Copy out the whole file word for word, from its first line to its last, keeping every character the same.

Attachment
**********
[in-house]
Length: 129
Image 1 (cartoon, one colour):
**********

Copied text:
[in-house]
Length: 129
Image 1 (cartoon, one colour):